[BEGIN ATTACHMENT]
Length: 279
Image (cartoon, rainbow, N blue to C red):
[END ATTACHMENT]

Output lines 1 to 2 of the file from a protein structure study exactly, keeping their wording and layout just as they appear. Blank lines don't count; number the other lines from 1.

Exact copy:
Length: 279
Image (cartoon, rainbow, N blue to C red):